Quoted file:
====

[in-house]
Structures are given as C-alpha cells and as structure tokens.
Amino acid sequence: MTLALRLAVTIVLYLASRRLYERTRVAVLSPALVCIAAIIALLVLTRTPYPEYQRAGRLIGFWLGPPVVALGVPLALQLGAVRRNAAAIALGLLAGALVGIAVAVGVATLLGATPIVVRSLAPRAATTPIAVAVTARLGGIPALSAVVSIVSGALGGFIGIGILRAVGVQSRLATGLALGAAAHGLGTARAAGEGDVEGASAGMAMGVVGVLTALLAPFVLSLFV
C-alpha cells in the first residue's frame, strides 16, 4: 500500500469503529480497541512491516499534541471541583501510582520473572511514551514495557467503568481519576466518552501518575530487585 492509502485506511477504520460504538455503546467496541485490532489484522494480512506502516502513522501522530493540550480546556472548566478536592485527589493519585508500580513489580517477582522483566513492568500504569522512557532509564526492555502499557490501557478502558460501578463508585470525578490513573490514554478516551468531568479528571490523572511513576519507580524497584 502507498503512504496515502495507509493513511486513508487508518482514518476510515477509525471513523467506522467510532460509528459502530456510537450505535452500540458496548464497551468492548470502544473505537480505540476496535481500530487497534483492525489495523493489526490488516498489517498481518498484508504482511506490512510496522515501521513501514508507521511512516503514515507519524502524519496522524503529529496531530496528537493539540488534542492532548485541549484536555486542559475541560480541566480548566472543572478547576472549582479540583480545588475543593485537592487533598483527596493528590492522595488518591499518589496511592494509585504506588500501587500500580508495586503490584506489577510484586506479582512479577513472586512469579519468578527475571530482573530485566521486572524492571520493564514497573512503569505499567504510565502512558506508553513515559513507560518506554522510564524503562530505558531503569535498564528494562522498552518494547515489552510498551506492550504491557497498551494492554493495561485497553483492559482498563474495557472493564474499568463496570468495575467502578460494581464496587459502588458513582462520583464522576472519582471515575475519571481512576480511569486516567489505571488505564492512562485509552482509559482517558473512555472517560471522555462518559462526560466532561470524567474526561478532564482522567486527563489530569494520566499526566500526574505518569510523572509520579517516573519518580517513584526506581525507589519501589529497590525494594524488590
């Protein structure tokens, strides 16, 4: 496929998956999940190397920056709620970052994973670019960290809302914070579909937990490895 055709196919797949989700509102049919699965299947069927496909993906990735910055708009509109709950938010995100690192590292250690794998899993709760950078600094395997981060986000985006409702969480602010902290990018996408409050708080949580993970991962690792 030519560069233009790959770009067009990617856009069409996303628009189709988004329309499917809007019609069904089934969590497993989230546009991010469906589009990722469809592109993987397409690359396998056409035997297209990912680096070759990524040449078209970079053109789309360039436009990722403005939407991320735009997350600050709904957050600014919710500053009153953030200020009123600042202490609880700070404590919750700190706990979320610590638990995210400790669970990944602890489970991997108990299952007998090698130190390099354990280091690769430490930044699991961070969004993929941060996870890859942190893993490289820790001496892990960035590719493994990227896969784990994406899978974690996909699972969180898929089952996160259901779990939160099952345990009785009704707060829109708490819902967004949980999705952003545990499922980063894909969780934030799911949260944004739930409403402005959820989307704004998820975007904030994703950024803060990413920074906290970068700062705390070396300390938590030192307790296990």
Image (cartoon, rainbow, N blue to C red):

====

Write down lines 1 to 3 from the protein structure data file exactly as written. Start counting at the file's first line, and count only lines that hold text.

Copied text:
[in-house]
Structures are given as C-alpha cells and as structure tokens.
Amino acid sequence: MTLALRLAVTIVLYLASRRLYERTRVAVLSPALVCIAAIIALLVLTRTPYPEYQRAGRLIGFWLGPPVVALGVPLALQLGAVRRNAAAIALGLLAGALVGIAVAVGVATLLGATPIVVRSLAPRAATTPIAVAVTARLGGIPALSAVVSIVSGALGGFIGIGILRAVGVQSRLATGLALGAAAHGLGTARAAGEGDVEGASAGMAMGVVGVLTALLAPFVLSLFV